At step 548, the multi-phase control system 100 determines whether positions of two of the tap changers 132, 142, and 152 are set to the high boundary value MaxDevH and line voltages output by voltage regulators associated with the two of the plurality of tap changers are below a set voltage band. If multi-phase control system 100 determines that the conditions at step 548 are true, the process proceeds to step 552, where both MaxDevH and MaxDevL are incremented by one. Alternatively, if the multi-phase control system 100 determines that the conditions at step 548 are false, the process proceeds to step 550, where the multi-phase control system 100 determines whether positions of two of the tap changers 132, 142, and 152 are set to the low boundary value MaxDevL and line voltages output by voltage regulators associated with the two of the plurality of tap changers are above, the set voltage band. If the multi-phase control system 100 determines that the conditions at step 550 are false, the process returns to step 530. Alternatively, if the multi-phase control system 100 determines that the conditions at step 550 are true, the process proceeds to step 554, where both MaxDevH and MaxDevL are decremented by one. After steps 552 or 554, the process proceeds to step 556, where MaxDevWin is communicated among the voltage regulator controllers 130, 140, and 150 and the process proceeds to step 530 for continued independent voltage regulation by the voltage regulator controllers 130, 140, and 150.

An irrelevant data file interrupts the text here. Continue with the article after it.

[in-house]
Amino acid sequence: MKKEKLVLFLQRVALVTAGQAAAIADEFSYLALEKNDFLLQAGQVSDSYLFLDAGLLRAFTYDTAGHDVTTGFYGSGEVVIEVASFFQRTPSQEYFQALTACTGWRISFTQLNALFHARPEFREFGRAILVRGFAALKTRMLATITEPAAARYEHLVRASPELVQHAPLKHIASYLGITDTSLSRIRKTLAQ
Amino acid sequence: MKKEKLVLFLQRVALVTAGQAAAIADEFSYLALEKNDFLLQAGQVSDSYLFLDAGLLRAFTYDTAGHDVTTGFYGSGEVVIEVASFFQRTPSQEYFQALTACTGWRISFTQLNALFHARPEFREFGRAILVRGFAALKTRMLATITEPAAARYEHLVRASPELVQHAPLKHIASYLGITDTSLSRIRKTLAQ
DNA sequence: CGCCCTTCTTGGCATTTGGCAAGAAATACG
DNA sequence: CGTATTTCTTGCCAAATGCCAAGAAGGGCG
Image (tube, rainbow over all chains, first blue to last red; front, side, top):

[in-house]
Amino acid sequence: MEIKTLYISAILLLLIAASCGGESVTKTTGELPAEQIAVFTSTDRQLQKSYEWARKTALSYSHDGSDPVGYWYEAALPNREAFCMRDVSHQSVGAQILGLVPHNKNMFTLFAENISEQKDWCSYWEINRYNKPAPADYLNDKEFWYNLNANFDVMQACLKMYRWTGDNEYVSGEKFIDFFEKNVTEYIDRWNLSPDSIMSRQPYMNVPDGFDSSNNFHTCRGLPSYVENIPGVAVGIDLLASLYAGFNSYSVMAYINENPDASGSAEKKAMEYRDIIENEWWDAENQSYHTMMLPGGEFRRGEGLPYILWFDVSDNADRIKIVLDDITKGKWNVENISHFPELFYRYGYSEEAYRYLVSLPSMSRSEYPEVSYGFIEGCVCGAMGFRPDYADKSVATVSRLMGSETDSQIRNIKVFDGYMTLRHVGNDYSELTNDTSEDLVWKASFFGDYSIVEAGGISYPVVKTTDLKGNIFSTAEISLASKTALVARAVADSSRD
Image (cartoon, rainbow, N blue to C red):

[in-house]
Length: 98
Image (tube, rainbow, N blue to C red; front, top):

Turning to FIG. 6, a system 60 for optimized power factor correction is described. The system 60 comprises a leader voltage regulator controller 610, a follower voltage regulator controller 620, a voltage regulator 630 of phase A of a first power system, a voltage regulator 640 of phase A of a second power system, and a load 650. FIG. 6 illustrates a parallel connection among common phases “A” of two separate multi-phase power delivery systems. In FIG. 6, line outputs from common phases of two different power systems are coupled, or connected in parallel to drive the load 650. In this configuration, the load 650 is supplied with power from phase A of both the first and second power systems, which may be necessary in cases where load 650 demands a large amount of power. The voltage regulators 630 and 640 are similar to the voltage regulators described with reference to FIG. 1. Each voltage regulator 630 and 640 regulates a line voltage of phase A of a respective multi-phase power system.